Rudolph Jacobs
Rugby Journalist
2 minute read
11 Mar 2020
3:57 pm

Lions coach insists they know how to turn things around

Rudolph Jacobs

Though there's precious little evidence of that currently.

Lions coach Cash van Rooyen believes he has enough depth in his squad to deal with the Covid-19 setback. Picture: Getty Images

The Lions ship is currently sailing through turbulent waters, but these hard times could benefit the team in the longer run, insists under-pressure coach Cash van Rooyen.

His charges are still winless on their Super Rugby tour Down Under after first two matches and this weekend another tough assignment awaits them against the resurgent Blues.

“We have a few young guys here who have never been heard of before in this part of the world , a lot of guys who are still under 21- and 22-years-old. All of them have bright futures ahead,” said Van Rooyen.

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“I don’t like to single out individuals but there are about six to eight guys who are 21,22 years of age, with a promising future,” he said.

Van Rooyen admitted the results have forced them to rethink some of their structures and approaches.

“For us as coaches it’s important to stay fresh and remain creative,” he said.

“Whatever we want to achieve, there has to be a bit of planning around it, but again. It’s an exciting challenge for us.”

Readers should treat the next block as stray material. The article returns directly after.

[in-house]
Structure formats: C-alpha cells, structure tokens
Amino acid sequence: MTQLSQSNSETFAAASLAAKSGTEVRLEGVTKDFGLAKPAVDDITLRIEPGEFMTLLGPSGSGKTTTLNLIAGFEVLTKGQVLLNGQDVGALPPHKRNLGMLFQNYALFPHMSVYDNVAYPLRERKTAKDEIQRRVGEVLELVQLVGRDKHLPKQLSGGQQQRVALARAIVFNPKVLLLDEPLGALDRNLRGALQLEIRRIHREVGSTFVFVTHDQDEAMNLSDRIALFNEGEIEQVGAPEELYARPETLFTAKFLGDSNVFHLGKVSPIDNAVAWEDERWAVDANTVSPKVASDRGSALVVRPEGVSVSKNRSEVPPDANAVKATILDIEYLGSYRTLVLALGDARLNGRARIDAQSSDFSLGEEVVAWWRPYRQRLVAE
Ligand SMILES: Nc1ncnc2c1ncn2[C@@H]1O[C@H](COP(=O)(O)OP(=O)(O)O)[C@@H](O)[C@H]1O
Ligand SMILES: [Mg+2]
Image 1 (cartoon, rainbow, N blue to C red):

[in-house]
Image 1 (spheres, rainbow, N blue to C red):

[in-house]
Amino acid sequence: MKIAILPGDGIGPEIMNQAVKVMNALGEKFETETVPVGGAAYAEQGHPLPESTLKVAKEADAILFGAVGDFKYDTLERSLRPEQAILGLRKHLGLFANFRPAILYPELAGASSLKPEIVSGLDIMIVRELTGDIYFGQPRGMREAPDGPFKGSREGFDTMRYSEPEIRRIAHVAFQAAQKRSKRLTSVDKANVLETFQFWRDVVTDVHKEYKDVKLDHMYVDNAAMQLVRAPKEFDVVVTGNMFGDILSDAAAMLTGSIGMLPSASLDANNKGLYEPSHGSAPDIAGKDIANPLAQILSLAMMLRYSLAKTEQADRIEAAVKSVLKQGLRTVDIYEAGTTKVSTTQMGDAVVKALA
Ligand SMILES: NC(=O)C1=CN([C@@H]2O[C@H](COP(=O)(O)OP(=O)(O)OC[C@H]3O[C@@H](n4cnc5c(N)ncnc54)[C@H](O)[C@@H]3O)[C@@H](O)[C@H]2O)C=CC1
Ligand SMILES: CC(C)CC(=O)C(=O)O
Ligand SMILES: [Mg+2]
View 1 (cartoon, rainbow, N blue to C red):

The rookie Lions mentor, who has established himself as one of South African rugby’s best fitness and conditioning gurus, hopes that leaving Australian shores for a change of scenery will keep the players focused and motivated.

“It’s a new country and I think about half of the squad have never even been in New Zealand before. That generally lifts the energy a little bit,” he said.

“But we can’t rely just on that. It’s up to us to let them gel as quick as possible, to learn and adapt and to understand what 80 minutes of Super Rugby looks and feels like.”

Criticism that the Lions look plan-less was also batted by by their coach, who said they know exactly what to do in order to stop the current rot of four defeats from five games.

“It’s just about little better decision-making on attack and defence, more constant physical pressure. It’s about set-piece attack and defence,” he said.

“It will be nice if there is a W (a win) afterwards on the points table.”

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